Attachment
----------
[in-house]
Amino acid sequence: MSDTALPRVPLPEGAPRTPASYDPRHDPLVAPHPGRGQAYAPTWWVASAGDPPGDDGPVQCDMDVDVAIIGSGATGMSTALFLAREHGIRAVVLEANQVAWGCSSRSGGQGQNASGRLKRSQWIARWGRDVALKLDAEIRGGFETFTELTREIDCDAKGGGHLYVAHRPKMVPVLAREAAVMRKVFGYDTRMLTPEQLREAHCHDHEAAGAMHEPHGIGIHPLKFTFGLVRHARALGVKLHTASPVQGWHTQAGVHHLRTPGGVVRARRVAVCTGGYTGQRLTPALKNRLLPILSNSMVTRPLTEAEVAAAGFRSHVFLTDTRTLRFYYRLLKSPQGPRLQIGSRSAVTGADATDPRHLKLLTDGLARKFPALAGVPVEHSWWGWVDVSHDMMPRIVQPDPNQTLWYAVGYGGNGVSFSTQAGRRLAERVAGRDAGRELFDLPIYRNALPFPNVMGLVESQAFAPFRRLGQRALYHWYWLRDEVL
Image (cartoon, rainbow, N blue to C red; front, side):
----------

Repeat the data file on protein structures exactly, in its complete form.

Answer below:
[in-house]
Amino acid sequence: MSDTALPRVPLPEGAPRTPASYDPRHDPLVAPHPGRGQAYAPTWWVASAGDPPGDDGPVQCDMDVDVAIIGSGATGMSTALFLAREHGIRAVVLEANQVAWGCSSRSGGQGQNASGRLKRSQWIARWGRDVALKLDAEIRGGFETFTELTREIDCDAKGGGHLYVAHRPKMVPVLAREAAVMRKVFGYDTRMLTPEQLREAHCHDHEAAGAMHEPHGIGIHPLKFTFGLVRHARALGVKLHTASPVQGWHTQAGVHHLRTPGGVVRARRVAVCTGGYTGQRLTPALKNRLLPILSNSMVTRPLTEAEVAAAGFRSHVFLTDTRTLRFYYRLLKSPQGPRLQIGSRSAVTGADATDPRHLKLLTDGLARKFPALAGVPVEHSWWGWVDVSHDMMPRIVQPDPNQTLWYAVGYGGNGVSFSTQAGRRLAERVAGRDAGRELFDLPIYRNALPFPNVMGLVESQAFAPFRRLGQRALYHWYWLRDEVL
Image (cartoon, rainbow, N blue to C red; front, side):